Tomato plant for sale – In picking a tomato plant for your garden, select young plants without fruits or blossoms, as younger plants tend to establish faster. Tomato plants for sale in the market are divided into three types: determinate, indeterminate, and semi-determinate tomatoes.
Tomato plant for sale
- Determinate Tomatoes – form bushes that reach a certain height and stop growing typically only up to 2 to 3 feet. This type is suitable for containers or small garden areas.
- Indeterminate Tomatoes – vines that grow and produce continuously with some varieties exceeding a length of 7 feet. This type must be staked or supported with trellising or wire cages to keep them off the ground.
- Semi-determinate Tomatoes – a combination of the two previous varieties. They will grow larger than determinate ones but are not as rampant as indeterminate ones. Typically growing up to 3 to 5 feet tall, they should also be staked but are less likely to outgrow their stakes.
You may want to plant at least two varieties of tomato in your garden to see which one suits your gardening needs better. Here are the things to consider when growing your own tomato plant:
- Weather – tomatoes are sun lovers so pick an area in your garden with full sun. They need at least 6 to 8 hours of sun exposure in a day to bring out the best flavors. The best season to plant tomatoes is in the late spring or early summer.
- Soil – an acidic and well-drained loamy soil is the best choice for tomatoes. Mix in 3 to 4 inches of compost in the soil which will provide nutrients and help hold the moisture in. in order to grow a really strong plant, it is recommended to bury two-thirds of the stem when planting. This will allow your tomato to sprout roots on the buried stem thus enabling your plant to find water in drought. Also, establish tomato stakes or cages in the soil at the time of planting to keep your future tomato fruits off the ground. Cover the ground with 2 to 4 inches of mulch to minimize weeds and help keep the soil evenly moist. Straw and shredded leaves make great mulches for tomatoes.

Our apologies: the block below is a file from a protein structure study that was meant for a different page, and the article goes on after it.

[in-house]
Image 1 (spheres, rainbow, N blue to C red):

- Water – water generously in the first few days after planting and throughout the growing season. About 2 inches of water per week is needed during the summer.
- Fertilizer – Mix a continuous-release fertilizer into the soil as you prepare the planting holes. After which, you may fertilize two weeks prior to first picking and again two weeks after first picking.
- Pruning – prune plants by pinching off suckers so that only a couple stems are growing per stake. Remove rotten weak stems and dead leaves. You can prune your tomato plant all year round.
- Pests – Regularly inspect your tomato plant for signs of infestation. Deal with pests as soon as you spot them. In mid-summer big green caterpillars called tomato hornworms eat tomato foliage and sometimes damage fruits. One or two hornworms can strip a plant leafless in a short time.